Brena offered an amendment to delay a vote on the ordinance until after a meeting between the police chief, fire chief, city manager and public safety committee. His motion passed 4-1.
Borough funded short-term loans
The assembly has rejected introduction of an ordinance intended to establish a short-term municipal loan program for laid-off workers. In particular, the intent was to help federal employees furloughed in a government shutdown.
Assemblymember Dave Brena had introduced the concept of a short-term loan program funded by the municipality for displaced workers. The proposed ordinance would have covered all full-time workers in Skagway laid off without benefits. The loan amount would be limited to three times the worker’s monthly income and would be paid back in installments over a year after the worker was employed again.
“Since I proposed this, I’ve had a number of federal employees thank the assembly,” Brena said.
Assemblymember Orion Hanson recounted his experience with getting short-term loans paid back at the Eagles. “I don’t think we, as a city, want to be in the loan collection business,” Hanson said.
Hanson said he felt compassion for those who were furloughed in the five-week federal government shutdown, but said there would be issues with the municipality giving out loans without collateral. Additionally, he said the Elks and the Eagles both give out loans to those in need.
Assemblymember Dan Henry said the ordinance proposed seemed more like a draw on future wages than a loan, and the ordinance didn’t have anything in place to retrieve money that wasn’t paid.
The motion to introduce the ordinance for public hearings and consideration failed to pass with three in favor and two opposed. It takes four assembly members to approve an action.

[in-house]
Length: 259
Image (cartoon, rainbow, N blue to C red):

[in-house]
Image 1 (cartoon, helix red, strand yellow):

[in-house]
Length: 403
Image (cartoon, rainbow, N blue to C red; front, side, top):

Construction dumping rate increase
The rate for dumping commercial construction debris at the borough incinerator will add a $68 fee per cubic yard, under a change approved unanimously by the assembly Feb. 7
The rate increase applies only to construction-based trash; no other rates will change.
The municipality had determined that the old rate did not cover the costs needed out of shipping out the debris.
Assemblymember Orion Hanson, who works as a contractor, said all the debris hasd to be transported to the Haines landfill. “(Skagway) is kind of out flat ground to use,” Hanson said.
The existing rate structure is insufficient and forces the municipality to subsidize the service, Hanson said. “These rates should have been raised decades ago.”
Hanson mentioned that there were contractors who took garbage from Haines to Skagway because the costs are so low.
Priority Improvement and CPV Funding
The assembly voted unanimously Feb. 7 to set the priority list for capital improvement projects and request cruise ship passenger tax funds for the projects.
The three priority projects are an extension of utilities on the Klondike Highway, upgrades to the incinerator and improvements to the borough’s wastewater treatment plant.
Assemblymember Orion Hanson said the incinerator door is in severe need of repair, and could be a problem during the heavy use of the summer season.
The wastewater treatment plant upgrade would be primarily focused on increasing its capacity to handle the heavier volume during the summer.
Dock and port improvements were listed on the resolution for cruise ship tax funding, but not on the borough’s general priority list.
Sewer Jet and Vacuum for water department
The assembly unanimously approved additional funds to buy a jet/vac unit for the borough water department to better clean out and maintain water and sewer lines.
“The increased costs here are due primarily to increased freight charges, above what we budgeted,” Assemblymember Orion Hanson said.